The Cura Italia Decree has extended the negotiated procedure without prior publication of a contract notice to the purchase of IT services and goods, as well as connectivity services by public administrations aimed at promoting the diffusion of smart working. Moreover, the direct award is generally allowed in case of under-threshold contracts for the purchase of supplies and services by agencies and bodies of the National Health Service when private donors finance said purchase.

Other options available to contracting authorities

The Cura Italia Decree suspended all the terms of administrative procedures, including tender procedures, until 15 May 2020. With Order No. 312 of 9 April 2020, the Italian Anti-corruption Authority maintained that, pursuant to said provision, contracting authorities are allowed, if needed, to delay the launch of tender procedures, as well as to suspend ongoing procedures and the performance of public contracts.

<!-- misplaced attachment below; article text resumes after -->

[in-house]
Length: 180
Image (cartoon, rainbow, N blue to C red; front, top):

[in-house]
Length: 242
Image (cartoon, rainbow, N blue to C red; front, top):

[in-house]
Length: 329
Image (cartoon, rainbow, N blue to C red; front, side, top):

As to the performance of public contracts, it should be noted that, in any case, pursuant to Article 107 of the Italian Public Procurement Code, contracting authorities are allowed to suspend the performance of work, supply and services “for reasons of necessity or public interest” (as well as connected considerations due to the contractor), and during the COVID-19 crisis many contracting authorities have suspended or have announced the intention of suspending the performance of many of their contracts (those related to activities frozen during the crisis) based on said provision.